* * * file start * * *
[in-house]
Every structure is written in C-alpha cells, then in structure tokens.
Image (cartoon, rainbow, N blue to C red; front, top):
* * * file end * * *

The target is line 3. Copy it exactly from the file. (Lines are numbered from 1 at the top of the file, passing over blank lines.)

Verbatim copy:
Image (cartoon, rainbow, N blue to C red; front, top):